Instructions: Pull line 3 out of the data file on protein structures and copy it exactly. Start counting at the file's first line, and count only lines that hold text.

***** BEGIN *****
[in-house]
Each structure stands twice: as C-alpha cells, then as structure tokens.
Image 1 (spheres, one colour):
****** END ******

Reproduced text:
Image 1 (spheres, one colour):